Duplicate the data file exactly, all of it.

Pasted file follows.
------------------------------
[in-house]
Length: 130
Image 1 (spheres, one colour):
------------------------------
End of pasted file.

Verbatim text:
[in-house]
Length: 130
Image 1 (spheres, one colour):